Q: We own rental property in a college town, and have generally had good experiences with our student tenants. But this year we got a particularly rowdy bunch, and despite our pleas (and the intercession of the neighbors and the police), we were slapped with a fine on account of the renters’ loud parties. Can we insist that they reimburse us? Is this grounds for eviction? –Ann and Goren M.
A: Let’s look at your second question first — can you terminate the lease based on the renters’ loud parties? You probably can, based on your tenants’ violation of your town’s noise ordinance (the police had the authority to intervene because violating the ordinance is an infraction, subjecting the perpetrators to a fine). In other words, the tenants broke the law.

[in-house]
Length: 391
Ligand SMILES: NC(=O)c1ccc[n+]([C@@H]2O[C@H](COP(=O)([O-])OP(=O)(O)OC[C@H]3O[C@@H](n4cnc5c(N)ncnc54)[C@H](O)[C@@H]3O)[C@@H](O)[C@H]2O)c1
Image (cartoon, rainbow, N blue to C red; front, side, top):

Whenever tenants use rental property in an illegal way — as a meth lab, to give an extreme example — landlords have the right to declare the tenancy over.
Not every illegal act that occurs on the property can justify eviction. For instance, writing a check on insufficient funds can be a violation of a state’s criminal law, but it’s doubtful that a landlord could evict simply because the tenant sat at the kitchen table while writing the check. The closer the relationship between the illegal act and the property, the more likely a judge would be to uphold a termination.